Blogger TJ Starbucker, at Ramblings from a Glass Half Full, has tagged me in a blog game where you must divulge "5 Things You Don't Know About Me." goes.

1. My Myers Briggs type is INTP and my Holland Code is ASE.

2. As a child, my career dream was to become a Catholic priest and I remember telling my parents that they could live with me in my rectory.

3. My middle name is Henry (named after my great-grandfather Henry who came from Ahrem near Koln in Germany). With the initials TH to start with, I took the name Edward for my Confirmation name so that I would be THE Seamon.

4. My second son Dave is named after my father's first-cousin John Hickey. Confused? John was famous in our family for calling people "Dave," in the same way you might call someone buddy or pal. When my son was born, it just felt right (to me) to finally name someone after John's favorite nickname.

5. My favorite time of year is Christmas time. With 15 days to go, I am feeling ex…

Whither OD?

Recently, after asking "Is OD Going Away?" a few interesting responses appeared.

Lisa Haneberg at Management Craft wrote: "My 2 cents on this - not until we improve our management training, which we should do but most won't. Most of OD is surrogate management."

Interesting. Question for Lisa: When you say "Most of OD is surrogate management," are you saying that if management did a better job, there would be no need for organization development?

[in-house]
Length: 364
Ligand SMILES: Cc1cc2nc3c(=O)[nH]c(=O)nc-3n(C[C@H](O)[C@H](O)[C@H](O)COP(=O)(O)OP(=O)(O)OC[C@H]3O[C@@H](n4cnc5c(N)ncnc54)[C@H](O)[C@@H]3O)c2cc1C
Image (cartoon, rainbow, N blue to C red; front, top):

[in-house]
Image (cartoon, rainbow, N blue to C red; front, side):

HR blogger and CEO Regina Miller said: "Oh this is a great topic...and I want to chime in definitely on this...I have a post that I have been planning for a while called the new OD curriculum. I will say some more in an upcoming post..."

While waiting for Regina's thoughts to appear at her blog, this topic has stayed on my mind too, especially since hearing OD legend Marv Weisbord say that he is concerned about the rapid pace of change in today's world and he wonders if OD people can be effective…

Pssst: Your Corporate Culture Is Showing

Attention Talent Acquisition (aka Staffing) Professionals: Watch what you put into your job ads because your corporate culture may be showing to external eyes.

In the "I Kid You Not" Department, the other day I read an ad that described the hiring company's Management Model, including the following about how they intend to serve their customers:

"Make it not only painless for customers to deal with us, but painful for them not to."


Posted by Terrence Seamon, 12/05/06


The field of organization development is like a person who wonders as he wanders, returning now and again to essential questions like Who Am I? Why Am I Here? What Should I Be Doing With My Life?

So I like it when the question "What is OD?" re-surfaces (as it has the other day at the main e-mail discussion list at ODNET).

It says that the field of OD is aware of itself and its becomingness*.

Yes, that is a real word.

Becomingness - any process of change involving realization of potentialities, as a movement from the lower level of potentiality to the higher level of actuality.

Nice word, don't you think? And one that seems to fit well with what we as OD folk are all about.

Posted by Terrence Seamon, 12/04/06